The ExxonMobil official said that approximately $140M was spent shooting the company’s 20,000km seismic campaign over the Stabroek Block. She said that this was ExxonMobil’s largest proprietary seismic campaign.
“It was required because no 3D data existed for the block. The seismic data is what helped us figure out where to drill the wells,” Brasington stated.
Furthermore, the official had said that approximately $65M was spent over many years utilizing Geology and Geo-science experts and engineering teams to identify the potential prospects that the company and its partners wanted to drill and then to design the concept for safe and successful drilling.
Brasington said that just about $25M spent on other costs and overheads, including block rental fees and training payments.
Exxon claims it spent all of that to drill one well, perform a seismic campaign on the entire Stabroek Block, hire technical experts to identify potential prospects, and change. With 18 discoveries on its belt in that block, the company’s demands are expected to meet hundreds of millions of US dollars, if not, billions.
BILLIONS IN DEVELOPMENTAL COSTS
Every discovery can be developed for the oil to be produced and sold. Much of the costs will go to buying a floating vessel to be stationed at the field, and its accompanying development infrastructure.
The initial cost estimates for Liza Phases One and Two – both already approved – total about US$9.7B.
It became concerning when ExxonMobil revised the cost estimates for the Liza Phase One project on multiple occasions. The cost was drastically revised by nearly US$1B over the years.
During Hess’ fourth quarter earnings call for 2019, Chief Executive Officer John Hess had specifically stated, “…Liza Phase One was budgeted at US$4.4 billion gross, including the purchase of the Floating Production Storage and Offloading (FPSO) vessel (Liza Destiny)… We now expect the gross cost for the development to be approximately US$3.5 billion or 21% below the sanctioned estimate.”
The initial estimate was published by ExxonMobil in 2017, and revised a first time in 2018 by US$700M. Hess’ announcement is the second revision, taking the cost down by $200M more. That’s a total reduction of US$900M.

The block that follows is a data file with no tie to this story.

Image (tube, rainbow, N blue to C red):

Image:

Speaking at a press conference earlier this year, Jagdeo said as Opposition Leader, “If you could make such a [nearly] US$1B error, that is worrying, without oversight from the government.”
Presently, no firm has been hired to audit the billions of dollar in costs that Exxon intends to claim for the Stabroek Block project. But Liza-1 is already on stream, and is set to pump an estimated 450M barrels.
The Liza Phase Two project is estimated to cost US$6B, and that will have to be audited too. It is slated to come on stream in 2022, and will pump an estimated 600M barrels.
Canadian-based engineer, Darshanand Khusial, had noted that there are worrying cost anomalies which exist between the Liza Phases One and Two cost estimates, which must be explained before the Government approves any other project.
The former APNU+AFC Government approved the Liza Phase One project in June 2017, despite there being hundreds of millions of dollars in pre-contract costs to audit.
Then, it approved Liza Phase Two in April 2019, just two years after the first.
Vice President, Bharrat Jagdeo, said during a Monday press conference that the government intends to aggressively pursue costs, as it does not agree that some of the expenditures made out to be cost recoverable, should be so.
Yet, the new PPP/C administration appears ready to further the APNU+AFC’s trend by approving Payara soon, and adding billions in unaudited costs for a government that is unprepared to provide ample scrutiny.
Rystad Energy, an energy research and business intelligence company, projects that ExxonMobil will be able to place one Floating, Production, Storage and Offloading (FPSO) vessel offshore Guyana, every year for the next 10 years. The Norwegian firm projected that, to do so, ExxonMobil would be expending around US$50B in projects over the period. These projects, however, would be subject to government approvals.